“…a classic Fairy Story…a masterful job.” — Irony Lisle
“…beautifully written, compelling — and fun!” — Bill Worth
LoveQuest, a romantic fantasy, is a light-hearted retelling of one of the most enduring love stories from ancient Greek mythology: the forbidden passion of Eros, the god of Love, for the mortal woman Psyche.
A god’s love for a mortal woman…
It is ancient Greece, a world of gods, superstition, and magic. The villagers dwelling under the eyes of the jealous and capricious gods on Mount Olympus seek to gain their favor and to uncover the mysteries that only the immortals can know by turning to priests, soothsayers, seers, and fortune-tellers.
The oracle of the divine Apollo is one of the most famous of these seers. Although physically nothing more than a pool of water in a cavern, its wisdom is so renown across Greece that many journey far and wide to seek its counsel.
Among the pilgrims are the wealthy cloth merchant Pericles, his wife Leena, and their daughters Medea, Tanna, and Psyche. Although Psyche is blessed by Aphrodite, the goddess of Beauty, and is cherished by the people of her village for her loveliness, she cares little for their attention, seeking only the approval of her envious and malicious sisters.
Medea and Tanna ridicule the oracle’s prophecy that Psyche will make a “marvelous” marriage to someone “not human,” and use it as another means to torment their sister, driving her to tears.
Offended by Psyche’s behavior and not accustomed to being taken for granted, Aphrodite retaliates by asking her son Eros, the god of Love, to punish Psyche with a life of lovelessness.
Coming to Psyche and her sisters under a cloak of invisibility, Eros is filled with pity for Psyche but determined to carry out his mother’s wishes. Aphrodite’s plan goes amok when Eros wounds himself with his own arrow carrying out the punishment. He falls in love with the woman his mother hates.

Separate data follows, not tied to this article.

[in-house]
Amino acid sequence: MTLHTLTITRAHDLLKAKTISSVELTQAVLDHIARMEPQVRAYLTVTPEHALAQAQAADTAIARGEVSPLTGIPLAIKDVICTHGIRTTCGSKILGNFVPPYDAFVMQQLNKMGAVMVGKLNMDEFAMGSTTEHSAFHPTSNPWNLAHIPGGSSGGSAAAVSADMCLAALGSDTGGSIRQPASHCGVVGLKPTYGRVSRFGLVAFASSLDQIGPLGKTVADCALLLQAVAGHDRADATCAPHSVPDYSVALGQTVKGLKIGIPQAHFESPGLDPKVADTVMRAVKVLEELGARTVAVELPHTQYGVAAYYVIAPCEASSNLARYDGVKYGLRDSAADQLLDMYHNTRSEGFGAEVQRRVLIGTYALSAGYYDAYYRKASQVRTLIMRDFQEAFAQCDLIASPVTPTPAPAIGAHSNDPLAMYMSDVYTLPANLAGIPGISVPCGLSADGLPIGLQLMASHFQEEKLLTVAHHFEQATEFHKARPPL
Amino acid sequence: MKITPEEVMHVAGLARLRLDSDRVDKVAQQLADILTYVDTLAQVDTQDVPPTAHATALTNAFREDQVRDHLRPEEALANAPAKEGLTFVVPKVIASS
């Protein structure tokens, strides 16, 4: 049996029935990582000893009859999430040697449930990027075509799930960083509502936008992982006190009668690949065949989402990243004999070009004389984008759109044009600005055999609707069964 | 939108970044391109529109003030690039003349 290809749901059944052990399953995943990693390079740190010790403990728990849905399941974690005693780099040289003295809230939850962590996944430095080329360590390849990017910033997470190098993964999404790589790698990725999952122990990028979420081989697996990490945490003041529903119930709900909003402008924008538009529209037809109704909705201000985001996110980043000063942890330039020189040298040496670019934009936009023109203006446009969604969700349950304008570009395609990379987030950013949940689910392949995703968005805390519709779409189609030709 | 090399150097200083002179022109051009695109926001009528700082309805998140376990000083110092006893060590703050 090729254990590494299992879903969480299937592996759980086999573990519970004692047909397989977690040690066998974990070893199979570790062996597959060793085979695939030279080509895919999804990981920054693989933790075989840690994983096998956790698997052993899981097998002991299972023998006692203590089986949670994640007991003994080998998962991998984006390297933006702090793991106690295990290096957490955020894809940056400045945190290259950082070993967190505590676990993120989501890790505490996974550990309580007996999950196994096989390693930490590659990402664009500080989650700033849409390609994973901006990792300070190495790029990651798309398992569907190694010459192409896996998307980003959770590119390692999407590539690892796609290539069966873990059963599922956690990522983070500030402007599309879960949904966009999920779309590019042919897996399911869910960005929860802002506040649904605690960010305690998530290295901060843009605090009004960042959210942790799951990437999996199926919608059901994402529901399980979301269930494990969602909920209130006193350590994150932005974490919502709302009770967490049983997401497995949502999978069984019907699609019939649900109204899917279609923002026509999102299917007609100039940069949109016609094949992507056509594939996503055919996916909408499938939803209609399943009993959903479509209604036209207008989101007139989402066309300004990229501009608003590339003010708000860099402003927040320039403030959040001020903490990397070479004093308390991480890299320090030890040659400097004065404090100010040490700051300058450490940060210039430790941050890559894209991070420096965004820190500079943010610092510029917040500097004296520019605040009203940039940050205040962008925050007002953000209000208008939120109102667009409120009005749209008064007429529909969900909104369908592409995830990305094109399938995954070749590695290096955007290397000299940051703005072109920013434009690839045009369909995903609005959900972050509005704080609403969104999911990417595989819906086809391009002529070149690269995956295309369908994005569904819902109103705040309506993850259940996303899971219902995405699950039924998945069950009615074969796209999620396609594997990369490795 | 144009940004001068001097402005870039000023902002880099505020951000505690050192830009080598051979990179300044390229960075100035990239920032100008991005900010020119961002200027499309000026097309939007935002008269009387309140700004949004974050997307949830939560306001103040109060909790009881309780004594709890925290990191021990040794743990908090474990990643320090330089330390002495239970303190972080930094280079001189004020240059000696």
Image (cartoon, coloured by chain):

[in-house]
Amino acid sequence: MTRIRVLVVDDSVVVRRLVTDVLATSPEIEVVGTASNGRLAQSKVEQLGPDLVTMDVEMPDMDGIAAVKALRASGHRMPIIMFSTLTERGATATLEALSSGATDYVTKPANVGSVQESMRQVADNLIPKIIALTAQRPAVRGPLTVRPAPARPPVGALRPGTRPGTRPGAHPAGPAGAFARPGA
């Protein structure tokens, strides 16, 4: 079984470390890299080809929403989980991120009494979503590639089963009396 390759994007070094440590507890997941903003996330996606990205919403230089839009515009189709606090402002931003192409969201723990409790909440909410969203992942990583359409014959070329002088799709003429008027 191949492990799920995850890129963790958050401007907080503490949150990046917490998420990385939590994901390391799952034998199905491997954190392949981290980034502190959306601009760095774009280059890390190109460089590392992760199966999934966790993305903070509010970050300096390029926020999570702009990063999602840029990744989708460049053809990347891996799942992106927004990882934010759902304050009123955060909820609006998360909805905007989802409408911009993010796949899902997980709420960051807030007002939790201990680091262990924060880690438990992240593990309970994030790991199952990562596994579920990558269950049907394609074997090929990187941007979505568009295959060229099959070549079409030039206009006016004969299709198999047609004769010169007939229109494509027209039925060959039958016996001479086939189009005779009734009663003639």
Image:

Eros must make a decision: Will he do his mother’s bidding and resist the power of love, or will he defy her by setting his own course in pursuit of Psyche’s heart?
And, if he develops an elaborate plan to win Psyche, whose help can he enlist? Is love with Psyche possible, and how long can he keep up his deception before his mother discovers him?
Compared with Eros, Psyche is a novice at love. Eros can’t approach her as a human suitor would approach a human woman. She too has a decision to make: Should she believe the loving words of a mysterious stranger, or should she believe her sisters?
The consequences for Eros and Psyche are dear. Aphrodite’s temper is not something to toy with. She is angry enough with Psyche, but if Psyche should do wrong to her son Eros, there might be no end to the punishment Psyche faces at the hands of the jealous goddess.
Psyche must choose between betrayal and fidelity, just as Eros must connive to win her love and the approval of his mother. Both of them must be put to the test in order to find their heart’s desire.